Tuesday, May 15, 2007

“Cash” Basis or “Accrual” Basis. Which is Best for Retailers?

This article was written by Dick Ginnaty, CPA

When a business starts, one of the decisions that needs to be made is whether to report your business for tax purposes on the “cash” basis or on the “accrual” basis. This choice is indicated on the first tax return that is filed for the business. This choice should be made with the thought of maximizing the tax benefit of the choice.

Under the cash basis, revenues are reported when received, and expenses are recorded when paid. Under the accrual basis, revenues are recorded when earned, and expenses are recorded when incurred. Under the accrual method, your receivables count as taxable income, and your expenses that are not yet paid (i.e. accounts payable) are deductible.

Many times beginning businesses will chose the cash basis of reporting because they get to delay paying taxes on their open receivables until they have been paid. This may work for many businesses but it may not be the best choice for retailers, and web based e-commerce sellers.

For many of those they don’t have any receivables. They get paid at the time of purchase, or even prepaid, but they do have expenses that haven’t been paid yet that relate to the period (i.e. utility bills, telephone bills, wages, commissions etc.). For these businesses the accrual method is better because under the accrual method they won’t recognize any more income (they have already received all they are going to get) and yet they can deduct some expenses that they haven’t paid for yet. It is the very best possible position.

So think hard about your situation, and good luck. By the way, if you already have selected the cash method of reporting, a change is possible but it requires the approval of the IRS commissioner. Luckily, the change from cash to accrual accounting is one qualifying for “automatic consent”, but it still requires an application using Form 3115 following the steps outlined in Revenue Procedure 2002-9.

Good luck and here’s hoping it “all adds up” for you.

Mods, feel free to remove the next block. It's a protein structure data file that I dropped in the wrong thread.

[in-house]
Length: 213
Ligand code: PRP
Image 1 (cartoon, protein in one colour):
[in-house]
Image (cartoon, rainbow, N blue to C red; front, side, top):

(If there is any area in accounting or tax that you think needs to be addressed in this newsletter please e-mail Dick at Ginnatycpa@aol.com and if it is of general interest, he will address it in future articles)

Talent Pool or Talent Puddle

This article was written by Larry Tucker, SCORE Orange County Management Counselor

“I don’t have the time to search for the best employees for my new company. It’s all I can do just to get product out the door.”

Sound familiar?

My cousin Mario

So we fall into the “my cousin Mario” trap. “The guy’s looking for a job, so I’m going to hire him.”   

Stop! What are the odds that out of the 200,000 people who live and work near your business, this guy is the right fit? One in 200,000, I guess. You have to reduce those odds. The time, energy and dollars you spend turning over one employee after another will drain your time and focus you on the wrong priorities.

Plan…just a little

What are the characteristics of a successful employee for this role? You probably have time to list those behaviors as you’re taking your shower in the morning. Consider these behaviors in two categories:

Minimum standards: A waitperson, for example, must present herself well, know food and beverage, and be able to handle the check.

My value differentiator: But my restaurant, for example, will cater to people who enjoy gourmet food, so “knowledge of food” or “ability to learn quickly” becomes key characteristics. You will likely have a list of 5 or ten characteristics, each with its own priority.

If you’re expecting your company to grow, today’s hires may be tomorrow’s managers. This expectation may add a few more characteristics to your list.

The talent puddle

“It’s not a talent pool; it’s a talent puddle. I’m thrilled just to get someone to answer my ad.” You might be surprised. Advertising for employees has many similarities to selling products. Whether you advertise on Monster.com or in the local paper, consider including these elements in your ad:

Tell them about your company, why it’s different, what you’re trying to be. (If you’ve got a website, referring to it in the ad is the best way to communicate this information.)

Make it clear what behaviors/talents/expertise you are looking for.

Explain why your company may be a better place to work than somewhere else. The ad should reflect well on your company.

Interviewing for behaviors

“An interview is where I tell them what they are expected to do in this job, right?” Yes, but that’s only a small portion of the interview. Experts say that if you spend more than 20% of the interview talking, you probably haven’t done a very good job of interviewing. Interview for your list of characteristics by asking behavioral questions. Looking for a multi-tasker? “Give me an example of a time when you had two or more top priorities and how you handled that situation.” A team player? “Tell me about the last time you worked or played in a team and how you handled it.”

There will be a significant return on investment for the time you spend hiring the right employee the first time out. Of course, the success rate is never 100%, but if you can reduce your chances from one in 200,000 to one in 2, you’ll have time to focus on building a successful business.